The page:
Intensity is the loudest, craziest, sweatiest person, right? The answer is simple, NO. Intensity is many things. It’s challenging yourself to get better, it’s being comfortable with being uncomfortable and most importantly, intensity equals results.


Intensity is measured by moving a large load over a long distance as quickly as we possibly can. Everyone’s load, distance and quickness varies. Your intensity is measured by the weight you can move over your distance and as quickly as you can.

Intensity VS Volume

Generally, shorter duration and heavier loads is intensity training and longer duration with lighter loads is volume training. It would best be described as Fran vs Murph. One is short with less reps and one is long with many reps. Intensity is driven up while doing Fran. You are going at it as hard as you can. Fran you have 2 movements with only 90 total reps and let’s be honest, we just want it to be over.

While Murph you are working on volume, you try and stay steady and controlled. This is because you know this is going to take time, you need to make sure you don’t burn yourself out on the run because you know you have 600 more reps to go.

Scaling Intensity

People think you must lift 400 lbs to be considered intense, but that’s not correct. Intensity is scaled by one’s owns ability. Everyone’s intensity is the same if you follow the guidelines to push yourself pass comfort. It’s finding the correct load or movement that increases our intensity.

Power + Intensity = Results

Power is the amount of work done over time. Intensity is the amount of force used over time. These together equal results. Results are faster WOD times, stronger lifts or getting that first pull up. We should be looking to decrease our times while increasing our weight or making our scaled movements harder. Because who doesn’t want that first pull up, push up or to increase our back squat?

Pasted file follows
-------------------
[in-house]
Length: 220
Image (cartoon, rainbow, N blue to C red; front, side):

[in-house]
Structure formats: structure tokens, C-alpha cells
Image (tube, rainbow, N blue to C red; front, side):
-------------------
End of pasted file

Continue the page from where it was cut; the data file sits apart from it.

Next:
How do you increase intensity? Instead of grabbing the KB or DB you feel comfortable with try grabbing the next size up. When scaling movements like pull ups or push-ups try making the option different then you normally do. Usually grab a band? Try negatives or jumping pull ups. Try adding in one or two regular push-ups to your knee push-ups a round. These options are only going to make you better. Try to shorten your breaks between reps, stay close to the bar. Keep all of your equipment close together so you don’t travel far from one piece to the next. Increase your weight and try to decrease your reps.

In short, the best way to increase your intensity is knowing your body and trying to take that next step forward.

When you come into the gym and see the metcon on the board, start to break down the WOD of what you can and can’t do prescribed. Think to yourself what’s going to put me on the floor after and what’s going to make me better.